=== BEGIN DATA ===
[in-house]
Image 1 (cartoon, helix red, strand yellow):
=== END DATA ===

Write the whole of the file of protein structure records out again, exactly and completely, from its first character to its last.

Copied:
[in-house]
Image 1 (cartoon, helix red, strand yellow):